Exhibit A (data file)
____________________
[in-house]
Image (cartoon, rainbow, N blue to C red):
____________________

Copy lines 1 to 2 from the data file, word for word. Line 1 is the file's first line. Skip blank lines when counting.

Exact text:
[in-house]
Image (cartoon, rainbow, N blue to C red):